You can verify that the database server is properly installed and running by checking its status

systemctl status mysql

Output

mysql.service - MySQL Community Server
   Loaded: loaded (/lib/systemd/system/mysql.service; enabled; vendor preset: enabled)
   Active: active (running)
 Main PID: 24854 (mysqld)
    Tasks: 27 (limit: 2321)
   CGroup: /system.slice/mysql.service
           24854 /usr/sbin/mysqld --daemonize --pid-file=/run/mysqld/mysqld.pid

Next you can set a password for your MySQL root user and additionally strengthen the security of the MySQL server, using the ‘mysql_secure_installation’ script. You can select the following options – we suggest answering with ‘Y’ to all of the prompts:

Set root password? [Y/n] Y
Remove anonymous users? [Y/n] Y
Disallow root login remotely? [Y/n] Y
Remove test database and access to it? [Y/n] Y
Reload privilege tables now? [Y/n] Y

Step 5. Create a MySQL User and Database

Finally, you can log in to the MySQL server as the root user and create a new MySQL user and database for Matomo:

mysql -u root -p

mysql> CREATE DATABASE matomo;
mysql> GRANT ALL PRIVILEGES ON matomo.* TO 'matomo_user'@'localhost' IDENTIFIED BY 'PASSWORD';
mysql> FLUSH PRIVILEGES;
mysql> exit;

Don’t forget to replace ‘PASSWORD‘ with an actual strong password.

Step 6. Download Matomo

Go Matomo’s official website and download the latest stable release of the application. At the moment of writing this tutorial, it is version 3.8.0.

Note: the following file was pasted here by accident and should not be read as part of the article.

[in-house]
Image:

wget https://builds.matomo.org/matomo-latest.zip

Unpack the downloaded ZIP archive of the application to the document root directory of your server. This will create a “piwik” folder containing the files and directories.

unzip matomo-latest.zip -d /var/www/html

Set the correct ownership. All Matomo files and directories have to be readable by the web server user.

chown -R www-data:www-data /var/www/html/matomo/

Step 7. Create an Apache Virtual host

If you want to access Matomo with a domain or subdomain, you have to create Apache virtual host directive for the appropriate domain / subdomain. Create a new file in Apache’s ‘sites-available’ directory with the following content

nano /etc/apache2/sites-available/matomo.conf

<VirtualHost *:80>
    ServerName yourdomain.com
    ServerAlias www.yourdomain.com
    ServerAdmin admin@yourdomain.com
    DocumentRoot /var/www/html/matomo/
    <Directory /var/www/html/matomo/>
        Options FollowSymLinks
        AllowOverride All
        Order allow,deny
        allow from all
    </Directory>
    ErrorLog /var/log/apache2/yourdomain.com-error_log
    CustomLog /var/log/apache2/yourdomain.com-access_log common
</VirtualHost>

 

Save the changes and enable the Apache virtual host using the following command

a2ensite matomo.conf

output:

Enabling site matomo.
To activate the new configuration, you need to run:
  systemctl reload apache2

As suggested in the output above, reload the web server for the changes to take effect:

systemctl reload apache2

Step 8. Complete the Installation

To complete Matomo’s installation, open your favorite web browser and navigate it to http://yourdomain.com. If everything is properly installed and configured, you will get Matomo’s welcome screen as shown in the image below:

The Matomo Welcome Screen

 

From there, you can follow the installation wizard and enter the MySQL information, create tables in the MySQL database, create your administrative account, and enter the details about your website.

For more details on how to configure and use Matomo, please check their official documentation .


Of course, you don’t have to install and configure Matomo on Ubuntu 18.04, if you use one of our Managed Cloud VPS Hosting solutions, in which case you can simply ask our expert Linux admins to install and configure Matomo on Ubuntu 16.04 for you. They are available 24×7 and will take care of your request immediately.